Becca Stacey, Senior Research Officer, Money and Mental Health Policy Institute

Mental health service wait times: a postcode lottery

24 August 2022

When we’re struggling with our mental health, being able to access timely support from mental health services can help us stay well and increase our chances of recovery. This is crucial for our wellbeing. But, it can also help protect us from the negative financial impact that often goes alongside poor mental health, such as being unable to work or difficulties managing our finances. 

Alarmingly, as our recent research reveals, the length of time people are waiting to access mental health services varies massively depending on where in the UK you live –  with people’s health and financial security at risk as a result.

Where are people waiting the longest?

Improving Access to Psychological Therapies (IAPT) is a talking therapies programme that is commonly offered to people struggling with their mental health in England. But access to this is highly dependent on where you live. In England as a whole, the average wait between an initial IAPT treatment (often an assessment appointment) and the second treatment (when people actually start receiving support) is 53 days. But this average masks significant variation, with wait times ranging from 12 days in the East Riding of Yorkshire, to 153 days in Barnsley. 

Often, the longer people have to wait to get support, the greater the toll on their mental and financial health. Among our Research Community – a group of over 4,500 people with lived experience of a mental health problem – three quarters (74%) of those surveyed said that waiting to access a mental health service had an impact on their mental health. Half (52%) said that waiting to access a mental health service had an impact on their finances. This was often related to work – in particular, the number of hours they could do, their progression and whether they could stay in employment. 

“Feel that speedier treatment would have nipped my symptoms in the bud and enabled me to keep working. Became so unwell I haven’t worked for 6 years.” – Expert by experience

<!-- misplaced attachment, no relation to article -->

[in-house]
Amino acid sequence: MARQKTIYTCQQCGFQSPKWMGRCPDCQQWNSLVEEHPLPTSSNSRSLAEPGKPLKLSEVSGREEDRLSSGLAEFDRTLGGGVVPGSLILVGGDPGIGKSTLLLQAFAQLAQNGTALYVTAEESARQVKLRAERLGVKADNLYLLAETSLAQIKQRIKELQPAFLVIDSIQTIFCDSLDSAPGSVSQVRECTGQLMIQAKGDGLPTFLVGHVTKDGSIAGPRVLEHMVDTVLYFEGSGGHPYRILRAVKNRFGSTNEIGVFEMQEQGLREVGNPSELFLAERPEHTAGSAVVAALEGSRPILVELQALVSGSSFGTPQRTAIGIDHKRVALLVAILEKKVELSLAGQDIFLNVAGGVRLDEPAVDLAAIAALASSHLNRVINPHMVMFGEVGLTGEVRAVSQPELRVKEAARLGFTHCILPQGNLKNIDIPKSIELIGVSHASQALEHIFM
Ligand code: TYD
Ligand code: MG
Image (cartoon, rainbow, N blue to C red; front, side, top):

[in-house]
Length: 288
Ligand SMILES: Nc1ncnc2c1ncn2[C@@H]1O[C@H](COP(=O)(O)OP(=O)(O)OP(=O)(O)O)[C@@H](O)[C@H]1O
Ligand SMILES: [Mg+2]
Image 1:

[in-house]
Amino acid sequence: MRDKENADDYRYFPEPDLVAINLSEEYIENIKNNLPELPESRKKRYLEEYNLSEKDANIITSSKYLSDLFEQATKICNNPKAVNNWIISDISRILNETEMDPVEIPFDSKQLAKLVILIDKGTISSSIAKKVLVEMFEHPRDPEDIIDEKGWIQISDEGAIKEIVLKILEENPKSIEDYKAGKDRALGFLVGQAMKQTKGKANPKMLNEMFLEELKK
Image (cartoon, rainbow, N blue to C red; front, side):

The need for more data

While wait times are published for primary mental health services like IAPT, the level of detail provided in this reporting is often limited, with no information provided on the type of talking therapy treatment that is being accessed. This means that wait times for more intensive face-to-face support could be much longer than the average times reported, with shorter wait times for less intense online support potentially masking this. 

When it comes to secondary mental health services, like community-based mental health services, there is often no data on wait times at all. Last year, NHS England proposed new targets for how quickly people referred to secondary mental health crisis services and longer term secondary care support are seen. This would mean these services would have to start reporting on their wait times, but these targets are yet to be implemented. 

What needs to change

As it stands, mental health services with long wait times receive no extra resources that they can use to help reduce them. First and foremost, we want to see wait times considered as part of the funding allocation process for local health services – with funding directed to reduce the longest wait times for primary and secondary mental health services. This would help address the postcode lottery that currently exists and support the delivery of timely access to mental health support for everyone – which by default, would reduce the potential impact on people’s finances. 

Focus also needs to be given to improving how wait time statistics are reported. For primary mental health services, we want to see the relevant health bodies provide more granular data, so it’s clear how long people are waiting for different treatment types, and how long the treatment they receive lasts. This improved information will make it easier to assess whether people have equal access to different levels of support, or if more needs to be done to increase the availability of certain treatment types. 

For secondary mental health services, national health services should start by implementing wait time targets, so the relevant health bodies are required to report on how long people are waiting to access these. This would again help make it easier to assess how levels of access vary across the UK, exposing any inequalities and areas where increased funding is required. 

No-one’s mental and financial health should be placed at greater risk because of where they live. More detail on the steps local and national decision-makers can take to reduce this postcode lottery, and ensure everyone has timely access to services that support our mental and financial health, are outlined in our report, No one left behind